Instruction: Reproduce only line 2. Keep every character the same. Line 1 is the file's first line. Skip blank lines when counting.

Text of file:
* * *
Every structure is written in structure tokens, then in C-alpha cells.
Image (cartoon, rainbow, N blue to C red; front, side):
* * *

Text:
Image (cartoon, rainbow, N blue to C red; front, side):